Michael B. Jordan had moviegoers actually cheering for the bad guy after turning in a scene-stealing performance as Erik Killmonger in Marvel’s smash hit, Black Panther.
But as Jordan prepares for the release of Creed II, the actor has come under fire for his recent comments about the need for Black people to create their own mythology.
In a recent interview with Vanity Fair, Jordan spoke about the need for a wider range of Black narratives on the big screen. The actor, who has always tried to side-step stereotypical roles, said he wants to use his production company, Outlier Society, to tell stories the mainstream media often overlooks.
While his aim is definitely admirable, one quote from his Vanity Fair profile has people up in arms.
“We don’t have any mythology, Black mythology, or folklore,” Jordan said in the cover story. “Creating our own mythology is very important because it helps dream.”
Vanity Fair tweeted out the quote, which appeared to come during a conversation about onscreen representation. Still, the seemingly inflammatory statement upset many.
“Umm yikes. @michaelb4jordan we have plenty of folklore and mythology,” one Twitter user wrote. “Read Zora Neale Hurston. Do a little research.”
— Black Tourmaline (@thesalteater) October 5, 2018
Another Twitter user used it as an opportunity to discuss the topic.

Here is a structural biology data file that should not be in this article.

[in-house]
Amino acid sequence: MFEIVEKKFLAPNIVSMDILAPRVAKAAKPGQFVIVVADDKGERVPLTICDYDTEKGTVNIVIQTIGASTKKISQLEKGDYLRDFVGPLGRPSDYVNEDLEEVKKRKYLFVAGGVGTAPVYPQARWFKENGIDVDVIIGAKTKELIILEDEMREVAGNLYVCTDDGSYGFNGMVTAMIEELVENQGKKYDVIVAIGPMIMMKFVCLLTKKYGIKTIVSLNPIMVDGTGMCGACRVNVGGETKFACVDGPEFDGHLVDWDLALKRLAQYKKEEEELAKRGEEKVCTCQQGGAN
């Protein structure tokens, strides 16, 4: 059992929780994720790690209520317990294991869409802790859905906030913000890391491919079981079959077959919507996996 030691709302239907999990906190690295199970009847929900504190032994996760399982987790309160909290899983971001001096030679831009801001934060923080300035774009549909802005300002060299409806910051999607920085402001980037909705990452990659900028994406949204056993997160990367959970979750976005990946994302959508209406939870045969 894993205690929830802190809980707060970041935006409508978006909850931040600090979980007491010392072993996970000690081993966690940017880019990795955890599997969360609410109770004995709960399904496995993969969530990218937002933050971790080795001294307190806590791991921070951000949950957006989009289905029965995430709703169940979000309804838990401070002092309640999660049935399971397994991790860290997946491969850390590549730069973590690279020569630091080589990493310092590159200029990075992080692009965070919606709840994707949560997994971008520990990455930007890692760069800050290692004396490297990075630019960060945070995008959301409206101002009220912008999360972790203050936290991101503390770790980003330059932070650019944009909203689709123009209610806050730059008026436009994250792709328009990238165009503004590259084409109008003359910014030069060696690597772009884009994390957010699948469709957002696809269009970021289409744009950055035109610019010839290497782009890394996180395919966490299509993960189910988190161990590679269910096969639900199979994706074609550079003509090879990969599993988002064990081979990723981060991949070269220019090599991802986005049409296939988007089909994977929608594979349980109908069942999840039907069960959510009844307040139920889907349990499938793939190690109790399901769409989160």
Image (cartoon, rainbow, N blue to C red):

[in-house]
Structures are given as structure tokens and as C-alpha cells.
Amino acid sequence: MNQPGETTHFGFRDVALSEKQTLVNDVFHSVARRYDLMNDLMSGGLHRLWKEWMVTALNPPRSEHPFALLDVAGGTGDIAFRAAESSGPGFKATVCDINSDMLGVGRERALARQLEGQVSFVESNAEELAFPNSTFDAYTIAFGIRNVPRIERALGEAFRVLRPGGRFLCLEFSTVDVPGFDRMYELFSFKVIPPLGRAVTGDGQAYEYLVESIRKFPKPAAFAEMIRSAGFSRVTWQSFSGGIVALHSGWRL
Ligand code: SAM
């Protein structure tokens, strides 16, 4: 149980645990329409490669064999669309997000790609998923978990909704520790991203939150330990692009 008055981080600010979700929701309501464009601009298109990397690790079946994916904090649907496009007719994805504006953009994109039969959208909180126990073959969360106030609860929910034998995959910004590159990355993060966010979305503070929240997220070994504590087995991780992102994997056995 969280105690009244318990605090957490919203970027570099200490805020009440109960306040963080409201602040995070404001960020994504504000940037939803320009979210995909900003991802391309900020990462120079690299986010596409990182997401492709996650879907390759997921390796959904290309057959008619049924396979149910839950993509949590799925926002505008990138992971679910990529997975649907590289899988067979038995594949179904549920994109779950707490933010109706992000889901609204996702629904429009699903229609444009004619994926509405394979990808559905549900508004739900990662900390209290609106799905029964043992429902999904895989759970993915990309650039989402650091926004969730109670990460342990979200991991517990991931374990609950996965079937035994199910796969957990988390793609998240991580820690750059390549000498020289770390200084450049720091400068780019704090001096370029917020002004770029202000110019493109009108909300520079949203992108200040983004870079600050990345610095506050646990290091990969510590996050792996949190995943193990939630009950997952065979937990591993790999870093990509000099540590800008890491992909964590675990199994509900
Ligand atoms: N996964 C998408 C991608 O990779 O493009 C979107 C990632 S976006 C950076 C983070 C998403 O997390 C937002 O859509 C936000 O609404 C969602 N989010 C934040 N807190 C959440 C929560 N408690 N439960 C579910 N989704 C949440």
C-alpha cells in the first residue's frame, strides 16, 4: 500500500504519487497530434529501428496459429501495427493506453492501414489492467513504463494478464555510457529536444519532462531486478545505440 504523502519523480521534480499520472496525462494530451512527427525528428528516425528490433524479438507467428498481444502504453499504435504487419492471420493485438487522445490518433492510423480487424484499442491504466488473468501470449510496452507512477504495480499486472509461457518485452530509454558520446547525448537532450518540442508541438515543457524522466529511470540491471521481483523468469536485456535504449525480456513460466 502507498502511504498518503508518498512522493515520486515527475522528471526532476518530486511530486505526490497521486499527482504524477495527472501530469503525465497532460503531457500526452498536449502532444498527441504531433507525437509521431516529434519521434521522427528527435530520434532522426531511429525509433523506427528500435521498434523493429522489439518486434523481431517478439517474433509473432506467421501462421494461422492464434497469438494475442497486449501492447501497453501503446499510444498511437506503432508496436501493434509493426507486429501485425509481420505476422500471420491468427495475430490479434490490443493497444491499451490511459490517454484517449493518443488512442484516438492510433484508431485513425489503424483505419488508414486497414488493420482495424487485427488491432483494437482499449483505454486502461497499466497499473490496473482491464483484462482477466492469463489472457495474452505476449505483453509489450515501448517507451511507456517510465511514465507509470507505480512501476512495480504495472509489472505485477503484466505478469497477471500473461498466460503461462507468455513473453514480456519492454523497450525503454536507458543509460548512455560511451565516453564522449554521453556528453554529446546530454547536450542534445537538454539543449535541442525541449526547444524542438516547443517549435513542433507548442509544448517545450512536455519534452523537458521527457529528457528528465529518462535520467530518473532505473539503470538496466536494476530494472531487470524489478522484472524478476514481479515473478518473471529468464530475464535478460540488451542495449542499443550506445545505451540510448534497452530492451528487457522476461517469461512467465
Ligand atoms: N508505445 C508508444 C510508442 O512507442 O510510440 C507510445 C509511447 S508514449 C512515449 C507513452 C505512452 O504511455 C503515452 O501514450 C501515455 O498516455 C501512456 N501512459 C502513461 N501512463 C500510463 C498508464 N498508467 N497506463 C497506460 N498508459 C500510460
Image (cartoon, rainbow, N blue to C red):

A lot of Black American folklore gets dismissed as silly superstitions, but if a white person said they’re scared to go into the woods because elves might steal their baby, they’d get a 3-movie deal and an option for a tv series. 🙂
— Nichole ✨✨✨ (@tnwhiskeywoman) October 5, 2018
Writer Nichole Perkins and actor Reagan Gomez both shared a thread of books about Black folklore from across the diaspora.
— Reagan Gomez (@ReaganGomez) October 5, 2018
In the end, Gomez concluded, “None of us are experts on Black American culture even if your people go back generations. 400 plus years?? Our tales, fables & folklore is out there. Talk to the old folks in your family. Record them so their voices can live on long after you’re gone.”
It’s hard to believe Jordan actually thinks Black people don’t have a folklore history. Still, he’s right about the need to see a more diverse array of our stories told across every medium, and thankfully, he’s one of the people trying to bring our stories to the fore.